Google street view image of the block in Wallingford, Ct. where bricks were photographed

The next pile of bricks from ReRead's tweet was a photo taken from a reddit post. This time apparently popping up downtown Denver. These "suspicious" piles of bricks are accompanied by traffic cones and yellow caution tape.


News Reporter Kyle Clark of nexton9news tweeted:

The original claim about the secret Antifa bricks came from a former major league baseball player who claimed he heard it from a friend. The claim was retweeted 4,000x.

Another image shared by InfoWars originated from the Twitter account of Lucas @Squidlfishous, it shows bricks and traffic cones next to a sidewalk planting with disturbed soil outside the Romney Building in Lansing, Michigan. Clearly another site where normal construction was taking place. Lucas has removed his original tweet.


Another tweet included in the InfoWars article was from an account called Santa Monica Problems. They shared a video of a small pile of very unique bricks that were curved and came in two colors that matched the unique wave pattern sidewalk. Once again it is plain to see that these bricks and this sidewalk paving project go together. The bricks were not dropped off by those wishing to incite violence.


The article wraps up with a video with a very alarming title, "Domestic Terrorists Leave Bricks And Explosive Devices Ahead Of Riots" This video was originally posted on Jun 2, 2020, and does not discuss the subject of the title. Aside from a passing mention of brick-throwing rioters, there is no discussion of the theory that piles of bricks were planted at strategic places in urban areas.

Stories about piles of bricks circulated in the summer of 2020.
Lead Stories wrote, "
Fact Check: Boston Police NOT Caught Planting Bricks Amid Protest" on June 2, 2020, and followed the next day with, "Fact Check: NO Evidence Brick Pallets For Riots From 'ACME Brick Co Own By Berkshire Hathaway, Warren Buffett & Bill Gates'"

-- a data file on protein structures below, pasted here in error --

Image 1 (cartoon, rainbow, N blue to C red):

On June 2, 2020, Buzzfeed wrote "People Say Pallets Of Bricks Are Showing Up Near Protests All Over The US. The Truth Is More Complicated."

NewsGuard, a company that uses trained journalist to rank the reliability of websites, describes infowars.com as:

A far-right website run by radio host Alex Jones that has reported that 9/11 was orchestrated by the U.S. government and the massacre at Sandy Hook Elementary School was a hoax, among other falsehoods.

According to NewsGuard the site does not maintain basic standards of accuracy and accountability. Read their full assessment here.

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  Sarah Thompson

Sarah Thompson lives with her family and pets on a small farm in Indiana. She founded a Facebook page and a blog called “Exploiting the Niche” in 2017 to help others learn about manipulative tactics and avoid scams on social media. Since then she has collaborated with journalists in the USA, Canada and Australia and since December 2019 she works as a Social Media Authenticity Analyst at Lead Stories.


Read more about or contact Sarah Thompson